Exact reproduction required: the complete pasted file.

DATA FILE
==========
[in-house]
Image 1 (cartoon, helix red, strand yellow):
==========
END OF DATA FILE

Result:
[in-house]
Image 1 (cartoon, helix red, strand yellow):